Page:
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Q&A: Notre Dame de Paris as a Case Study for AI in Architecture

Q&A: Notre Dame de Paris as a Case Study for AI in Architecture
© Kévin Jacquot / Violette Abergel / MAP / Vassar College / Art Graphique et Patrimoine / GEA / LIFE 3D / Rémi Fromont / Cédric Trentesaux / Chantier Scientifique Notre-Dame de Paris / Ministère de la culture / CNRS – 2021

Italian-born, France-based architect Livio De Luca explains more about the integration of AI in architecture and his work on the restoration of the Notre Dame de Paris – scheduled to reopen on December 8, 2024.

Livio De Luca, a distinguished architect and researcher with a Ph.D. in Engineering and HDR in Computer Science, currently directs the Models and simulations for the Architecture and Cultural Heritage unit at CNRS. Recognized for his contributions at the intersection of architectural heritage and computer science, he has been honored with the Pierre Bézier Prize and the CNRS Medal of Innovation. His involvement in the restoration of Notre Dame de Paris reflects his commitment to using AI for cultural heritage preservation.

At last year’s SophI.A Summit, De Luca highlighted the significance of reality capture in heritage conservation and discussed the transformative potential of AI in architecture. He stressed the importance of professionals understanding and actively participating in AI development to maintain control over processes, especially in specialized fields like architecture and heritage. Delving into concrete examples, our conversation with De Luca explores the complexities of AI in architecture and its applications in the restoration of Notre Dame de Paris.

Livio De Luca: I trained in Italy where I earned a classic degree in architecture which didn’t include working with Computer-Aided Design (CAD). I started working with computers for music, which heavily influences how I approach computer science and AI today. I began using sound sampling systems, which capture the ‘sound reality’ of an instrument, and also sequencers, computer-assisted music composition systems. Now, these two ingredients that I explored in music are found everywhere. It’s through the accumulation of instances, examples, images, 3D models of real objects that we can gradually build AI. I self-taught myself computer science in architecture during my architecture studies, and afterward, to specialize in computer science, I had two choices: attend a master’s program at MIT in Boston or at a laboratory in Marseille where I am today.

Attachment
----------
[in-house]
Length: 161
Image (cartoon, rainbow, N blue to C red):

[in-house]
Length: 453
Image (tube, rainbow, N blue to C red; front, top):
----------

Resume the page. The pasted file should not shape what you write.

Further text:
This laboratory was a French pioneer, a European leader in computer science applied to architecture, and was linked to the Media Lab in Boston. These two labs were working on the very first applications of CAD in architecture. Later, in 2013, with the Digital Applications in Archaeology and Cultural Heritage, I co-organized the very first international congress on Digital Heritage which took place in Marseille, at the Mucem and the Villa Méditerranée. It was the first international conference on the topic of digital heritage.

Livio De Luca: SophI.A. Summit is linked to the establishment of artificial intelligence institutes in France, often led by Inria, a national institute for computer science and automation research. In the past, I had many interactions and scientific collaborations with Inria. From the outset of my work, I collaborated with a startup emerging from Inria, called REALVIZ, one of the first software applications enabling the reconstruction of 3D architectural scenes from photographs. This startup was later acquired by Autodesk.

Furthermore, with Inria, I developed a project called “Culture Free The Clouds,” which was an initial prototype of a cloud platform for the 3D creation of heritage and cultural objects. This collaboration was with Inria Sophia-Polis. Through this partnership, we continued to work in the field of AI for heritage preservation, my specialty. 

© Violette ABERGEL / MAP / Vassar College / Chantier Scientifique Notre-Dame de Paris / Ministère de la culture / CNRS – 2020

Livio De Luca: After the Notre Dame fire, there was significant mobilization of the scientific community, both in France and abroad. Several specialists wanted to offer expertise on issues related to materials, reconstruction of lost forms, archaeological inquiries, as well as structural or acoustic concerns. Thus, CNRS and the Ministry of Culture collaborated to establish a scientific initiative, which served as a scientific advisory board for the restoration process. This initiative aimed to manage the data from these sites and integrate them with the restoration project data. This became the focus of our intervention and the working group I coordinated since 2019, which later evolved into an ERC-funded project dedicated to developing a digital ecosystem for this operation.

The core idea is to link the physical characteristics of an object not only with the data representing them but also with the collective knowledge generated through the study of the object. This goes beyond the concept of a digital twin, as it involves representing knowledge from various disciplines around the object.